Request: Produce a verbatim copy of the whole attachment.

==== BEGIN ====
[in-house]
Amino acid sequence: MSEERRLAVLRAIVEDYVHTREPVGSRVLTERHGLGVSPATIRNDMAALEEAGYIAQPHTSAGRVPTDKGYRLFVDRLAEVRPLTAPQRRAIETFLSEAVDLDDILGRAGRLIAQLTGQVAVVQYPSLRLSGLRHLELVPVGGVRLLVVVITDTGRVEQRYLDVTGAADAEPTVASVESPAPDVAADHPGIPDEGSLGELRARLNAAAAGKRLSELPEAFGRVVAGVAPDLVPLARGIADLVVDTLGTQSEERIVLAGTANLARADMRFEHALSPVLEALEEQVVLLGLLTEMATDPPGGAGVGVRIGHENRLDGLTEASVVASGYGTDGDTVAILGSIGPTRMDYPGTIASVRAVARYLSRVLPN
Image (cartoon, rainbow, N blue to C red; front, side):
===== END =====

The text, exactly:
[in-house]
Amino acid sequence: MSEERRLAVLRAIVEDYVHTREPVGSRVLTERHGLGVSPATIRNDMAALEEAGYIAQPHTSAGRVPTDKGYRLFVDRLAEVRPLTAPQRRAIETFLSEAVDLDDILGRAGRLIAQLTGQVAVVQYPSLRLSGLRHLELVPVGGVRLLVVVITDTGRVEQRYLDVTGAADAEPTVASVESPAPDVAADHPGIPDEGSLGELRARLNAAAAGKRLSELPEAFGRVVAGVAPDLVPLARGIADLVVDTLGTQSEERIVLAGTANLARADMRFEHALSPVLEALEEQVVLLGLLTEMATDPPGGAGVGVRIGHENRLDGLTEASVVASGYGTDGDTVAILGSIGPTRMDYPGTIASVRAVARYLSRVLPN
Image (cartoon, rainbow, N blue to C red; front, side):